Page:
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magazine Mar 15, 1999 Editing Aurobindo The trustees of the Sri Aurobindo Ashram are accused of tampering with his original works A.S. Panneerselvan
RATHER than meditate on the meaning of life, the inmates of the Sri Aurobindo Ashram in Pondicherry are now involved in a semantic debate. The ashram has been witness to many legal battles since the death of Mother, the spiritual successor of Sri Aurobindo, on November 17, 1973. But while most of the cases pertained to the formation and functioning of the Sri Aurobindo Ashram Trust (SAAT), the new spat has a literary dimension.
In a recent writ petition filed in the Calcutta High Court, some of Aurobindo's devotees have raised questions about the legality of the SAAT trustees "making corrections to the writings of Sri Aurobindo in a manner that undermines the worth of the masterpieces created by the great guru". The opponents to the changes contend that "SAAT was formed in 1956, six years after Aurobindo's death and that the copyright was obtained much after the death of the author, and hence SAAT has no authority to tamper with the original versions".
The main grouse, though, is in the deletion of a sentence that actually calls for the ashram's winding up. Pranab Bhattacharya-the ashram's physical education director-points out in his book I Remember: "The editor must have thought himself to be very clever in avoiding one line and bringing in the changes, perhaps thinking that it could change the Ashram's fate."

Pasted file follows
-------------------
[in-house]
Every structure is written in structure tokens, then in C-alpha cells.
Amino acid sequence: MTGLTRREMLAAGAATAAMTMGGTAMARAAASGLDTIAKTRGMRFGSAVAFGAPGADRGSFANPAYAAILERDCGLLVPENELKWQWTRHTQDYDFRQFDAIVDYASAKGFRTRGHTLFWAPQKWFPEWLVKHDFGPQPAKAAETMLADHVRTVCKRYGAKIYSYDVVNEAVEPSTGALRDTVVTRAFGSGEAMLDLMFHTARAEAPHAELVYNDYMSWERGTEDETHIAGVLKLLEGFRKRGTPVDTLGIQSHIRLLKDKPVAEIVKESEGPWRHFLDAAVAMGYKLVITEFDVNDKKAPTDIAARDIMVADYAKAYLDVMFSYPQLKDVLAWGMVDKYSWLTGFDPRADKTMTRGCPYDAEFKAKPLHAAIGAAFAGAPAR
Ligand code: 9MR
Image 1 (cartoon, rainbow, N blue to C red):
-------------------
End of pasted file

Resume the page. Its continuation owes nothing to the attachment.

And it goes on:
The line in question is in The Teachings of Sri Aurobindo and Sri Aurobindo Ashram, first published in 1934. In that, Aurobindo explains his concept of an ashram:
"An Ashram means the house or houses of a Teacher or Master of spiritual philosophy in which he receives and lodges those who come to him for the teaching and practice. An Ashram is not an association or a religious body or a monastery-it is only what has been indicated above and nothing more. Everything in the Ashram belongs to the Teacher. The sadhaks (disciples) have no claim, right or voice in any matter. They remain and go according to his Will. Whatever money he receives is his property and not that of a public body. It is not a trust or fund, for there is no public institution. Such Ashrams have existed in India for centuries before Christ and still exist in large numbers. It all depends on the Teacher and ends with his lifetime, unless there is another Teacher who can take his place."
By deleting the last line-which actually means the ashram's rationale for existence ended with the passing of the Mother-the trustees, say the opponents, "are sustaining an institution against the teachings of Sri Aurobindo". They point out that till the 1972 birth centenary editions, there had been no tampering with Aurobindo's works. [...] Link to this story as it appears on the site :- Editing Aurobindo outlookindia.com Subscribe Online: Outlook Magazine